Monday, April 13, 2015

1928/1929: Mary Pickford for Coquette

In Mary Pickford's first talking picture, she plays a flirtatious Southern belle who has most of the young gentlemen in town wrapped around her finger. But then she falls for a lower class so-called scoundrel, despite her father's strong objections, and eventually she must choose between the man she loves and the father she adores.

It might be just because it's such an early talkie, but I didn't think this movie was very good. It took a while for people to completely figure out how to record the sounds they wanted in the film without recording sounds they didn't want, so by today's standards it's laughable from a technical standpoint. Yes, a lot of the lines are hard to hear, and some scenes are kind of awkward because camera movement was limited, but I was kind of expecting that, and I don't think that's why I didn't like it. Honestly, I thought the performances were kind of terrible, Pickford's included.

For one thing, everybody had a really bad Southern accent, and Mary Pickford's was probably the worst. In real life she was Canadian, which is kind of the opposite of Southern, so I guess that makes sense. She also had a really obnoxious, squeaky voice. I'm not sure if that's how she actually talked, or if she was putting it on as part of her accent, or if it was just the early sound recording, but it's difficult to focus on what she's saying when you can hardly bear to listen to the way she says it. And then there were the overly dramatic faces and over-the-top gestures that worked really well in silent films, but just seemed ridiculous when combined with actual talking. There were a couple of times throughout the film when it actually started to get watchable, but invariably someone would mess it up by getting too melodramatic. Most of the time I felt like I was watching The Dueling Cavalier from Singin' in the Rain, and I kept waiting for the sound to get out of sync. To be fair, Pickford did have a few minutes of really good acting, but overall her performance was less than impressive.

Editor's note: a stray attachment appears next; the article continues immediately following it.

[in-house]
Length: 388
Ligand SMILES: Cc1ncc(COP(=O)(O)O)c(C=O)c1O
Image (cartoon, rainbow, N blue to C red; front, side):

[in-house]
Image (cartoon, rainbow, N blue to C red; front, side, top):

Before watching this movie, I had read that Pickford only won this Oscar because she was one of the Academy's founding members, and because she kept inviting the judges over to her mansion for tea. I don't know how accurate that is, but I can definitely see why people don't think she deserved the award for this performance. However, I'm not too upset about it because I feel like she deserved to win for something. Pickford was a legendary silent film star, and, together with her husband Douglas Fairbanks, was part of one of Hollywood's first power couples. Her first film was made in 1909, and twenty years later, Coquette became her 246th. Since by then she was one of the few actresses to actually have control over her own films, it was presumably her own idea to jump on the talkie bandwagon with this film. Unfortunately, that marked the beginning of the end of Pickford's career. She was one of the many silent film stars who failed to successfully make the transition into talking pictures, which is probably at least partially due to how weird her voice sounded in this film. But if the Academy Awards had started a few years sooner, she probably would have won Best Actress for at least one of her silent films. Granted, I wasn't there, but it seems to me that her winning this was probably a combination of her status, her lobbying, and the Academy making up for missing out on her earlier performances. I guess there are worse reasons for winning an Oscar.

Since she stopped making films only a few years later, Pickford was never nominated for another Academy Award, but she did win an Honorary Oscar in 1976. Next up is Norma Shearer, another Canadian silent film star.

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